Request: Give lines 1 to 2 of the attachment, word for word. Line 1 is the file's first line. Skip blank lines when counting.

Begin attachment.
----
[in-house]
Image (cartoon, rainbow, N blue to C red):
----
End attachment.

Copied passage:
[in-house]
Image (cartoon, rainbow, N blue to C red):